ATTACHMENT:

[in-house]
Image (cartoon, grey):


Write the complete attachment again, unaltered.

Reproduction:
[in-house]
Image (cartoon, grey):